Tuesday 17 January 2017

Doctor previously expressed concerns about finding adequate emergency theatre staff after hours, inquiry hears

*Inquiry into the care of three women in childbirth by consultant obstetrician

Liz Farsaci

Published 11/11/2016 | 13:07

Dr Salah Abdel-Aziz Ahmed, a consultant obstetrician leaves a fitness to practice enquiry by the medical council at Finnstown House in Lucan. Picture credit: Damien Eagers
Dr Salah Abdel-Aziz Ahmed, a consultant obstetrician leaves a fitness to practice enquiry by the medical council at Finnstown House in Lucan. Picture credit: Damien Eagers

An inquiry into the care of three women in childbirth by a consultant obstetrician has heard that the doctor expressed concerns in 2012 about delays in finding adequate emergency theatre staff in after-hours situations.

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Dr Salah Aziz Ahmed faces allegations of poor professional performance and professional misconduct relating to three mothers who gave birth at Cavan General Hospital between November 2012 and April 2014.

A Medical Council inquiry which began on Thursday continued today in Lucan, Co. Dublin.

Yesterday the inquiry heard details involving one of the patients, a 37-year-old woman, referred to as Patient One, whose baby passed away 32 hours after he was born.

The baby was born by emergency caesarean section on 22 November 2012 and it is alleged that Dr Aziz failed to proceed to the section in a timely manner.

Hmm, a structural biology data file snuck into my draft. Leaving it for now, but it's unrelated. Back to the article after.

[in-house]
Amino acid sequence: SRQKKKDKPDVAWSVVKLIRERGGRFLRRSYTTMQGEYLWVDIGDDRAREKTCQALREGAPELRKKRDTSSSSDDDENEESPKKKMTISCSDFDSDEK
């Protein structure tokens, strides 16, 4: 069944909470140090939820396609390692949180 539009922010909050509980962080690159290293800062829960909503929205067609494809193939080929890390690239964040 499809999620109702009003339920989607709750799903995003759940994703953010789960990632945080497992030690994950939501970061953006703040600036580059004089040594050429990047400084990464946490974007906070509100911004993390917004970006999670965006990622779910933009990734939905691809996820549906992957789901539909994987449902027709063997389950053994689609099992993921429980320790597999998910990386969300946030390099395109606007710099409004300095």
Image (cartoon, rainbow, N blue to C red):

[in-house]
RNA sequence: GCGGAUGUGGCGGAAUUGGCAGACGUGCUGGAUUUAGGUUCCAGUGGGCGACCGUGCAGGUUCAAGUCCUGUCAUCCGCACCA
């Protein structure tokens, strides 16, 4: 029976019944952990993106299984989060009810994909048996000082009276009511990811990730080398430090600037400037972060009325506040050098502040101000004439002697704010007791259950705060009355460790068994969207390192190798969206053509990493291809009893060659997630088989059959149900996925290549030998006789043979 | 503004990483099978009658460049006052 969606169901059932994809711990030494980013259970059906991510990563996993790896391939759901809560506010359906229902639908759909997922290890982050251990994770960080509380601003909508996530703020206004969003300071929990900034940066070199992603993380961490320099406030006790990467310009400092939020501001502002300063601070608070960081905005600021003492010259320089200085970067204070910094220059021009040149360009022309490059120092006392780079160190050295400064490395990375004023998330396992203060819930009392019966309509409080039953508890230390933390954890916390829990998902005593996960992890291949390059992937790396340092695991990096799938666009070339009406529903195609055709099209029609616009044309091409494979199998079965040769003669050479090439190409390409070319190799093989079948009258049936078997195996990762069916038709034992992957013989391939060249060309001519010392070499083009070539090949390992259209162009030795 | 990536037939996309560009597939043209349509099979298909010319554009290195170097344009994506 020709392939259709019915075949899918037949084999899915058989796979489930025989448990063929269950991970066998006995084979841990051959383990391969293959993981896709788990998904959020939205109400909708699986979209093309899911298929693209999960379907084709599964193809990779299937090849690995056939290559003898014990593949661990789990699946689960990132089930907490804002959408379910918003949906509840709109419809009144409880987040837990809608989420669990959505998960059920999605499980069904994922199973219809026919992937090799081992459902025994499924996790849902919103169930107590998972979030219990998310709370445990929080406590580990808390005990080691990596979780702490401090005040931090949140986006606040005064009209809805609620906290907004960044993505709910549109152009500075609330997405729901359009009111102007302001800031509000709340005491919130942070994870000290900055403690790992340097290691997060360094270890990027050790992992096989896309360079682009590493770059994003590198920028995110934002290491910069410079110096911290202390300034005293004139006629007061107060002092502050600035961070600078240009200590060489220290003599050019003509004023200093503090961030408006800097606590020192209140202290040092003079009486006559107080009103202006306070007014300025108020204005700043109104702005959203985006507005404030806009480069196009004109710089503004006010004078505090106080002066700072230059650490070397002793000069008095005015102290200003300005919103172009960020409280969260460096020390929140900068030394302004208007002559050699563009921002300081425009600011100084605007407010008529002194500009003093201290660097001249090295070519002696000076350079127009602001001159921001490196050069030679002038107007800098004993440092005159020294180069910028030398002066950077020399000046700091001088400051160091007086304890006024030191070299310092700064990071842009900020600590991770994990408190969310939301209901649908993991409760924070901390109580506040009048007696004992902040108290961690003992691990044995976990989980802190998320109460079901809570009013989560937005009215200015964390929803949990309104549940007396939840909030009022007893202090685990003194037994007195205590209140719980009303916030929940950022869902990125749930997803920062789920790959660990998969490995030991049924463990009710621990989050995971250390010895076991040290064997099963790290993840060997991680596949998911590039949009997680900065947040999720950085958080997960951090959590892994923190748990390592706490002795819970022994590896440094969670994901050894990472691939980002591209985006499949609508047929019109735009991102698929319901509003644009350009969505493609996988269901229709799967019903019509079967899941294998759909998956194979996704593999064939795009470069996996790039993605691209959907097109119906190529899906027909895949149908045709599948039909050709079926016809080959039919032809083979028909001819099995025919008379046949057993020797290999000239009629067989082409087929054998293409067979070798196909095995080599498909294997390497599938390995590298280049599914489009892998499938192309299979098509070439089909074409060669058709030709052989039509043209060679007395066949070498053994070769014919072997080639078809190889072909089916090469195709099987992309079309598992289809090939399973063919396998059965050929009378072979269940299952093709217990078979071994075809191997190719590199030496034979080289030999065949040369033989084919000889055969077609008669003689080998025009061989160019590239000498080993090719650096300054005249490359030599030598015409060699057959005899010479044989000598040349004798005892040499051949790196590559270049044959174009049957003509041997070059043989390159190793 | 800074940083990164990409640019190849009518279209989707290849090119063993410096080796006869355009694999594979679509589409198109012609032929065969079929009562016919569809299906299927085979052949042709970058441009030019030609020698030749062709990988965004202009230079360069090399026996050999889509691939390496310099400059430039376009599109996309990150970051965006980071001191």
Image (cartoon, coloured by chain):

The inquiry has already heard that the cause of death in the case of Patient One's baby does not form any part of the allegations.

This morning, the former director general at Cavan General Hospital, Bridget Clarke, spoke of the seriousness of a baby’s death.

“Whenever you have a baby death, it’s one of the most serious things that can happen in hospital care,” she said.

On the night of 22 November, when Dr Aziz decided that Patient One’s baby should be born by caesarean section, another woman was having an elective section in one of the theatres.

Ms Clarke said this other mother was scheduled for an elective surgery, and did not fall into an emergency category. Ultimately, because of the timing of this surgery, an additional theatre had to open in order to facilitate Patient One’s emergency section.

Dr Aziz and his consultant colleagues wrote to Ms Clarke on 30 November 2012, expressing their concern about finding adequate emergency theatre staff, particularly in after-hours situations when more than one theatre was needed.

Ms Clarke told the inquiry that she has never experienced a delay in opening an additional theatre, if one is needed in an emergency situation, or in sourcing additional emergency theatre staff.

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